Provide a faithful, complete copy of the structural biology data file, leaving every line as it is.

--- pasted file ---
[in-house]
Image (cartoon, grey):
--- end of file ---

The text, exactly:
[in-house]
Image (cartoon, grey):